Women would swap year to be thinner
Published 31/03/2011 | 00:18
Almost one in three women attending university would swap a year or more of their life for their ideal body shape, a survey has suggested.
Most (93%) have also had negative thoughts about their body in the last week, with 31% feeling critical of their figure several times a day.
Almost half (48%) said eating disorders are an issue for women on their campus and 79% would like to lose weight, despite the fact most (78%) are underweight or a normal weight.
On average, women said they wanted to lose more than a stone in weight, with only 3% saying they wanted to gain weight.
Some 30% of those surveyed would trade at least one year of their life for their perfect shape, with 16% saying they would swap one year, 10% saying they would trade two to five years of their life and 2% willing to trade six to 10 years.
Another 1% said they would trade 21 years of their life or more if they could have their perfect body.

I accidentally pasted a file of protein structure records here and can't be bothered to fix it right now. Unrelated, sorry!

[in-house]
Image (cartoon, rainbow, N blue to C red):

Women were also willing to swap other things, with 13% saying they would forego £5,000 of an annual salary, 8% a promotion at work, 6% a first in their degree and 9% spending time with their partner. Some 7% would give up spending time with their family, 9% their friends and 7% would give up their health to achieve their ideal shape.
The study, of 320 women aged 18 to 65 attending UK universities, was carried out for eating disorder charity The Succeed Foundation, in partnership with the centre for appearance research at the University of the West of England (UWE).
Asked which celebrity has the perfect body, women said model Kelly Brook, followed by singer Beyonce, then actresses Jessica Alba and Scarlett Johansson.
Lead researcher Dr Phillippa Diedrichs, from UWE, said: "The survey took place on university campuses around the UK. The findings highlight that body image is an issue for all women and not just adolescent girls, as is often thought. The other really important finding is that the majority of women surveyed said that more needs to be done to promote positive body image on their university campuses."